Whether it's viewing Pixar's latest epic or Tinkerbell's candy-coated fluff, we are but slaves to kiddish command. Fortunately, movie moguls understand our sense of school holiday entrapment and try to enliven our gloom with their wry and sly fare.
OPINION: While the kids laugh at the slapstick, we guffaw at the cult references and re-appreciate old-fashioned morality tales. So how instructive this week that the Maori Party should provide their own holiday rendition of The Boy Who Cried Wolf as they threaten, yet again, to uncouple from the National Party over something not very important.
Prime Minister John Key is their latest whipping boy because he had the temerity to express a truth: that the Waitangi Tribunal has no powers to mandate or manipulate legislation. That any recommendations it may care to make, are as persuasive as politics allows. Its latest hearing – designed to stall the Government's partial privatisation of its energy companies – is likely to be yet another example of excess. A waste of time, money, effort and energy.
Maori Party co-leader Tariana Turia has pronounced herself mortally offended by such observation. She is seeking urgent talks with the prime minister in an effort to avert a crisis of her own making.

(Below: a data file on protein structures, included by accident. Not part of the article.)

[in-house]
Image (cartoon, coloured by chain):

An informal survey of the party's membership is under way. The Government plane is in danger, political media tell us, of losing its left wing. Or at least its left rudder. Which won't happen.
The Maori Party is but a remnant of its former self, having been cannibalised by both Mana and Labour. Its only hope for future electoral favour is to deliver tangible wins. Shorn of its quasi-government status, it has no show of doing so.
When this week's planned meeting does take place, Key should do more than politely nod. He should inform the Maori Party that the wider electorate has had enough of Maori separatism and privilege in any guise. That while such sentimentality and sensitivity may be indulged during brighter times, it is just liability when the economy is in dire straits. Especially when ordinary New Zealanders – Maori and non-Maori – are fighting a daily struggle to make ends meet. And losing that struggle, in too many cases.
The idea that more rewards, more favours and more tax finances should be delivered to one segment of the population – simply because of their culture and their colour – is inherently wrong.
The Treaty may be our guide, but it can never be an arbiter. It's a simple truth. And this is the season to deliver it. And it won't even need 3D, Dolby sound or a tub of popcorn to be understood.
- Sunday Star Times
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